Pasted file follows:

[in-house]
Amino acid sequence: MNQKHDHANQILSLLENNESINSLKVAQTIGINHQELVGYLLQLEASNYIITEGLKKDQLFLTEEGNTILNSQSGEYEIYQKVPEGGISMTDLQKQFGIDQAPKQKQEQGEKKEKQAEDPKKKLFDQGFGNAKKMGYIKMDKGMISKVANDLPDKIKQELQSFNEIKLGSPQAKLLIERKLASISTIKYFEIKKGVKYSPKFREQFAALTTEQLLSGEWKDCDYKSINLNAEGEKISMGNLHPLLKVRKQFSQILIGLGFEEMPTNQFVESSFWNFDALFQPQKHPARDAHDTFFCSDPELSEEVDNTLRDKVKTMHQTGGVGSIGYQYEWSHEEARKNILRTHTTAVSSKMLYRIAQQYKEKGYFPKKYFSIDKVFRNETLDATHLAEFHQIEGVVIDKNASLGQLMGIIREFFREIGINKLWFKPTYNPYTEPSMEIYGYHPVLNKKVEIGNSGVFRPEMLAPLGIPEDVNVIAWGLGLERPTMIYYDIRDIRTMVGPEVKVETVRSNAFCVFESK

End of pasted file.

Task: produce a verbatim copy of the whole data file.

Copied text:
[in-house]
Amino acid sequence: MNQKHDHANQILSLLENNESINSLKVAQTIGINHQELVGYLLQLEASNYIITEGLKKDQLFLTEEGNTILNSQSGEYEIYQKVPEGGISMTDLQKQFGIDQAPKQKQEQGEKKEKQAEDPKKKLFDQGFGNAKKMGYIKMDKGMISKVANDLPDKIKQELQSFNEIKLGSPQAKLLIERKLASISTIKYFEIKKGVKYSPKFREQFAALTTEQLLSGEWKDCDYKSINLNAEGEKISMGNLHPLLKVRKQFSQILIGLGFEEMPTNQFVESSFWNFDALFQPQKHPARDAHDTFFCSDPELSEEVDNTLRDKVKTMHQTGGVGSIGYQYEWSHEEARKNILRTHTTAVSSKMLYRIAQQYKEKGYFPKKYFSIDKVFRNETLDATHLAEFHQIEGVVIDKNASLGQLMGIIREFFREIGINKLWFKPTYNPYTEPSMEIYGYHPVLNKKVEIGNSGVFRPEMLAPLGIPEDVNVIAWGLGLERPTMIYYDIRDIRTMVGPEVKVETVRSNAFCVFESK